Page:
Few changes in state redistricting plan

State Rep. Liz Malia’s 11th Suffolk District stands to pick up a couple of Jamaica Plain precincts from state Rep. Jeffrey Sánchez’s  15th Suffolk District, according to a proposed state legislative redistricting plan released Oct. 18.

Under the plan, Malia would pick up two of Sánchez’s precincts: Ward 11, Precinct 6, which covers the Brookside neighborhood; and Ward 19, Precinct 9, which includes parts of Sumner Hill, South Street and Pondside.

State Sen. Sonia Chang-Díaz retains all of JP in the 2nd Suffolk state senatorial district under the proposal.

Chang-Díaz serves as the state Senate’s vice-chair of the Redistricting Committee. As the Gazette previously reported, the advocacy group the Massachusetts Black Empowerment Coalition for Redistricting had hoped that the 2nd Suffolk would be redrawn to include JP, parts of Brookline and the South End, opening space for a new state Senate district in Roxbury and Dorchester. That did not happen.

The joint committee’s proposal leaves the 2nd Suffolk—a minority-majority district—largely intact, but it sheds some Back Bay precincts, Katherine Adam from the state Senator’s office told the Gazette.

State Rep. Russell Holmes retains the one Woodbourne neighborhood precincts he represents: Ward 19, Precinct 11.

In a press statement, Malia Lazu, project director of the Drawing Democracy Coalition—another advocacy organization working to increase minority representation through the redistricting process—praised the committee’s efforts. “We applaud the House and Senate chairs of the Committee on Redistricting. They have delivered a transparent, thoughtful and accountable redistricting process,” Lazu said.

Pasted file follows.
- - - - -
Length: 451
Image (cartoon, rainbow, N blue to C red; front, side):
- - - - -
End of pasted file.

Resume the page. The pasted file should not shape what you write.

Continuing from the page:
“In terms of outcomes, while there may be more refining to do, these maps make a very strong recognition of the high growth in our populations of color over the past decade,” Chang-Díaz said in a press statement. “They increase our majority-minority districts in the state by 50 percent in the Senate and 100 percent in the House.  That’s progress you can sink your teeth into.”

The proposal includes three majority-minority Senate districts, including two in Boston, and 20 majority-minority House districts, including three in Boston.

The joint committee this year held 13 public hearings and invited individuals and advocacy groups to submit map proposals. That is a sharp contrast to the last round 10 years ago, when the process was conducted largely in secret and federal courts ruled that many of the state rep. districts, including the 11th Suffolk, had to be redrawn. Then-state House Speaker Thomas Finneran was later convicted for perjury for lying about the original process.

The state legislature is currently accepting public comments on the proposal, but the timeline is short. State election laws require that the new districts be approved by Nov. 4, one year prior to the 2012 state rep. elections. For more information, including maps, or to comment, visit malegislature.gov/District.

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